According to the Judicial Panel on Multidistrict Litigation, 1,694 lawsuits have been consolidated in the Benicar multidistrict litigation for pre-trial proceedings. While their inclusion in the MDL is not a comment on the merit of the suits, it does speak to the fact that the lawsuits make similar allegations about Benicar.
That said, in July, the federal judge overseeing the multidistrict litigation remanded 32 lawsuits to state court in Missouri, finding the New Jersey court did not have jurisdiction over the claims. This is because the court found that some of the 75 plaintiffs involved in that particular action lived in the same state where one of the defendants has a principal place of business.
Benicar, known generically as olmesartan, is an angiotensin II receptor blocker used to treat high blood pressure. It has been linked to sprue-like enteropathy, in which patients experience chronic diarrhea, gastrointestinal problems, and weight loss. A 2012 study in Mayo Clinic Proceedings suggested olmesartan might be linked to sprue-like enteropathy after the symptoms of 18 patients who developed the condition improved when they stopped the medication.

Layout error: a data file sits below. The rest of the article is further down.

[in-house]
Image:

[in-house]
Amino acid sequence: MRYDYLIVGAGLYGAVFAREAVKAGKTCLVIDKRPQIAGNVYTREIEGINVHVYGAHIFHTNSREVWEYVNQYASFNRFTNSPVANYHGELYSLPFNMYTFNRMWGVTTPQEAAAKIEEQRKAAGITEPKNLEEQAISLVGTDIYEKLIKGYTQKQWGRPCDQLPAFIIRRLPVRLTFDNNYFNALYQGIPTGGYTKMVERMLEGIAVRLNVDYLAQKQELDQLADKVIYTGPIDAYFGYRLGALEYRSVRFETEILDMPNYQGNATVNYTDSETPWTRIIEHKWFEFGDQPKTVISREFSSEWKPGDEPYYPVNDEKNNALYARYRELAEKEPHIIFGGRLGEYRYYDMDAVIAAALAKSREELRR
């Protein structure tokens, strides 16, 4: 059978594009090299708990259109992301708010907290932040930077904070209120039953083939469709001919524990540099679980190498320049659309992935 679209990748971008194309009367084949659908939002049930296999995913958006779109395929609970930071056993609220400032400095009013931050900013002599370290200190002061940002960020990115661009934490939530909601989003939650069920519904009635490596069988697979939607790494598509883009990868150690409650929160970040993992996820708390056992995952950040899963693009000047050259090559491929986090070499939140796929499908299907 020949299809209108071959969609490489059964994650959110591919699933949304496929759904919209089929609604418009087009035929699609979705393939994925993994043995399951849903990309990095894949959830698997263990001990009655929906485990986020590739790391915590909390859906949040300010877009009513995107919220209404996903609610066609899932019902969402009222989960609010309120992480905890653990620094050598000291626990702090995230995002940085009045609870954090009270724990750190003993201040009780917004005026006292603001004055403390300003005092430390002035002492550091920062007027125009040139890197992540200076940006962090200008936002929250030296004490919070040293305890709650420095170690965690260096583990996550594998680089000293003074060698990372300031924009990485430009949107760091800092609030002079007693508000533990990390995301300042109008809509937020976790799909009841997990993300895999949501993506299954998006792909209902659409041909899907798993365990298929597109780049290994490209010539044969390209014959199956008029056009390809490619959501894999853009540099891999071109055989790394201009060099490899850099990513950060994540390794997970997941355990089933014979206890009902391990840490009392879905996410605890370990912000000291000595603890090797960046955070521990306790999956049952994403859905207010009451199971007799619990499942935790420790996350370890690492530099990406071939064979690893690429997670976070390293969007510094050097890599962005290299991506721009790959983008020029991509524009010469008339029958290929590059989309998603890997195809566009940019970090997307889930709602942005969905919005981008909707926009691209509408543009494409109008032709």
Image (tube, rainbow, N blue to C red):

Sprue-like enteropathy linked to medication can take months or even years to develop, and it can require hospitalization. In a 2013 drug safety communication concerning olmesartan, the US Food and Drug Administration (FDA) noted that symptoms of sprue-like enteropathy include severe, chronic diarrhea and substantial weight loss.
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The FDA's communication was issued after the agency identified 23 cases of sprue-like enteropathy, all of which improved after the patient discontinued olmesartan therapy. There has not been a class effect found, meaning other drugs in the same class as olmesartan have not shown a similar risk of sprue-like enteropathy.
As a result, the FDA approved changes to the label of drugs that contained olmesartan - including Benicar - to include the risk of sprue-like enteropathy.
The particular action involved in the remand is Moore et al. v. Daiichi Sankyo, et al, Civ. No. 15-08823.